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Multi Color Stenciling: Learn How To Stencil In Multiple Colors Using A Roller Or Stencil Brush

Stenciling is easy when you follow a few basic guidelines!
If you properly prepare the surface to be stenciled and use the proper tools and techniques, your stenciling project should be a fun and rewarding experience. Not to mention how much money you can save with DIY decorating. Any mistakes are easily correctible so let’s go and stencil something!
What You’ll Need
  • Your Cutting Edge Stencil
  • Stencil Paint (latex or acrylics)
  • Base Coat Paint (for touch-ups)
  • Low Tack Painters Tape
  • Dense foam mini-roller(s)
  • Stencil Brushes (one for each color)
  • Paint Tray or Paper Plate
  • Paper Towels
  • Spray Adhesive (optional)
  • Cutting Edge Stencil Clip-on Level (optional)
  • Sample Board (cardboard or poster board) (optional)
Preparing Your Walls
Make sure that the walls or other surfaces you’ll be stenciling are properly prepared! It makes no sense to put your beautiful artwork over a poorly prepared surface. Walls should be clean, dust free and in good condition. Any cracks or chips should be repaired, filled, primed and painted prior to stenciling. Base coat paint should be allowed to dry for at least 24 hours before stenciling. We recommend a Flat sheen base coat paint for best results. You can stencil over eggshell sheen as well but the general rule is, the higher the sheen of the base coat, the more potential for paint seepage to occur. We do not recommend stenciling textured walls as paint seepage can occur. The use of spray adhesive is not necessary but for some more delicate stencils or stencils with large cutouts it can be helpful. Spray adhesive is recommended for ceiling stenciling. When stenciling Furniture we recommend that you first do any necessary repairs, gluing any loose pieces, filling any cracks and calking any gaps. Lightly sand, wipe with denatured alcohol, then prime (Stix, Kilz or Bin primers) and finally base coat your project with a flat sheen latex paint. Floors should be cleaned with TSP or good floor cleaner, primed with an adhesive primer such as Stix, Kilz or Bin and base coated with a good quality flat sheen latex paint.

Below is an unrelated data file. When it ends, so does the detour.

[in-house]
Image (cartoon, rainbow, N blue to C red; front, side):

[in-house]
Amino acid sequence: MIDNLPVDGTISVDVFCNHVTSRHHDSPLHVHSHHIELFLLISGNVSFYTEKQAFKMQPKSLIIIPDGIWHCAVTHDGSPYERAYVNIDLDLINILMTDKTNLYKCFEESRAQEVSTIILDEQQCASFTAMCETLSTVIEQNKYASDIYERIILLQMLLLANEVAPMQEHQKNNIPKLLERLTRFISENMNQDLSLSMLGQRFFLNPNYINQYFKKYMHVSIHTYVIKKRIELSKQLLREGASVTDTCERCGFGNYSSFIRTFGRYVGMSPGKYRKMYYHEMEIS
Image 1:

Masking
When stenciling, we usually use a low tack painters tape such as 3M blue tape to avoid pulling up any base coat paint. Never mask over freshly dried paint - the tape will pull it up. For walls, mask off the baseboards, moldings, ceilings and those surfaces that will not be stenciled. Burnish (rub down) the edge of the tape for a cleaner line with less paint seepage. Always remove your masking tape slowly, pulling it an an angle.
A Few Words About Paints
Primer
If your walls are in need of repairs (cracks, holes, nail pops etc) first fill or spackle those areas, let them dry and then sand them smooth with fine (220) sand paper. Make sure you dust off the repairs before priming them. You can also wipe the repairs with a damp towel to remove any dust. Applying a Waterbased Drywall Primer to the repairs will help ensure good paint adhesion. Good paint adhesion is important because you will be taping the stencil to the wall and you want to prevent the tape from pulling off the base coat paint. Let the primer dry fully before applying

Base paint
At Cutting Edge Stencils, we recommend base coating your walls with a flat sheen, water based paint using a tight nap roller for a smooth finish. Flat sheen paints accept the stenciling better then shinier paints. Flat sheen paint is porous, so it grabs your stencil paint before it has time to seep (bleed) under the edge of your stencil resulting in a crisper print. Flat paints are easier to touch up as well. Because they are not shiny, they tend to blend better without flashing. (Flashing is a term that describes a difference in sheen that occurs when trying to touch up higher sheen paints such as a semi-gloss.) So if you ever make a mistake stenciling your walls, it’s easy to paint over the mistake with a flat sheen paint and then re-stencil the area with great results.

Stencil Paint
For walls, we recommend a good quality Acrylic or Latex paint. Craft acrylics also work great. We also like Benjamin Moore “Ben” flat paint for stenciling walls. It gives a great result and is a good value. We don’t recommend using spray paint as it’s hard to control. Oil based paints are also not stencil-friendly. You can stencil with metallic paint, glaze or even plaster.
Choosing Your Colors
Look at some reference for color combinations that work well together and do a test sample so you are comfortable with your choices. Always take into consideration your givens, such as existing fabrics, floor or carpet colors. We love using white index cards for color swatches.
Sample Test